A Viable Food Future
What kind of food production can:
- drastically reduce poverty
- reduce climate change and cool the planet
- restore biodiversity, soil fertility and water resources
- improve livelihoods and provide employment for billions of people
- produce enough, good, and nutritious food for 9 billion people or more?
From the report:
Regulation and transformation of unsustainable large-scale industrialised agriculture, livestock raising and fisheries towards smaller-scale ecological production systems is urgently required if hunger is to be eradicated, an equitable food system established and the environment restored. Small-scale farmers should be recognized for their ability to feed the world, reduce climate change, preserve the natural wealth of agricultural and grazing lands, soil, biodiversity, water and aquatic resources that they use in production. Local food production and small-scale agricultural industries in rural areas have the potential to provide decent jobs, which are of utmost importance especially for rural youth and women, and to revitalise agrarian, pastoral and fisheries-based economies, thereby preventing distress or involuntary migration to cities. It is time to move in the direction of a viable food future.
Download the full report, available in English, Spanish and French.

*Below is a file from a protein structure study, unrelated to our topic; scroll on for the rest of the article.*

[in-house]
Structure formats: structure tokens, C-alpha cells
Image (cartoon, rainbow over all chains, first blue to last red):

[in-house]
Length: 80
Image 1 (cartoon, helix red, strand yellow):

Crop biodiversity: Use it or Lose it!
The Food and Agriculture Organization of the United Nations (FAO) has launched the Second Report on the State of the World’s Plant Genetic Resources for Food and Agriculture, the definitive healthcheck on the biodiversity of crops. Much has changed since FAO published its last report twelve years ago, including an acceleration of climate change, making the conservation and the utilization of genetic resources even more pressing. – FAO
FAO estimates 75 percent of crop diversity was lost between 1900 and 2000. A recent study, highlighted in the State of the World’s Plant Genetic Resources for Food and Agriculture, predicts that as much as 22 percent of the wild relatives of important food crops of peanut, potato and beans will disappear by 2055 because of a changing climate. – FAO
There are also reports on a country by country basis.
New “Living Planet Report 2010”
The global LPI declined by about 30% between 1970 and 2007. The Living Planet Index (LPI) reflects changes in the health of the planet’s ecosystem by tracking population trends of over 2500 vertebrate species. Much as a stock market index tracks the value of a set of shares, the LPI calculates the average annual rate of change for species population from 1970 to 2007, the latest date for which sufficient data are available. – WWF
In 2007, people used the equivalent of 1.5 planets in 2007 to support their activities. The Ecological Footprint measures the biologically productive area that people use for provision of renewable resources, occupies with infrastructure, or require for absorption of CO2 wastes. – WWF
See more facts, explore and learn how to act here.
See the Living Planet Index Interactive graph here.
See the Ecological Footprint Index for all countries here.